Continuing the discussion from Bikeshed: Rename `catch` blocks to `fallible` blocks:
C++ there’s clear distinction in the syntax between passing things by reference (pointer) and by value, but there’s no distinction between owned and borrowed values.
In Rust it’s the opposite. The syntax exists to separate borrowed vs owned, but the distinction between values and pointers is vague, and handled entirely differently (
& may be a 2-usize struct, but
Box is just a raw pointer, usually).
C is super explicit about dereferencing, but the concept of lifetimes is left entirely up to programmer’s imagination.
OTOH Rust is explicit about borrows and lifetimes, but dereferencing is often hidden.
So given all that if you think Rust reference == C pointer, you’ll think of them from a completely wrong perspective.
For example, in C it’s common to return objects by pointer, because that’s how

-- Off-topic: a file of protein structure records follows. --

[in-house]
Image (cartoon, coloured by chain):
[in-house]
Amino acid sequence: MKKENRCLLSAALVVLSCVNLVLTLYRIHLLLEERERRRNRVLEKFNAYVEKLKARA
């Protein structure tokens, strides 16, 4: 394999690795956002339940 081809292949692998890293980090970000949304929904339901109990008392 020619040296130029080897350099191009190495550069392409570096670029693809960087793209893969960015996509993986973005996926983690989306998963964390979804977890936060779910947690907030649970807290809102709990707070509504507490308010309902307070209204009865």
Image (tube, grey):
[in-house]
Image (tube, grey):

malloc works, and there’s no other way to have any private type than via an opaque struct pointer. But in Rust if you try to allocate something and return a reference to it the borrow checker will tell you it doesn’t make any sense.
In C it’s usual to put pointers in structs. In Rust references in structs is are a special case of limited usefulness.
So I think it’s better to think of Rust’s references as temporary read/write locks that are implemented at compile time. That fixes thinking from “I want to return this by pointer” to “why would I give a temporary read-only lock to the object, rather than the object itself?”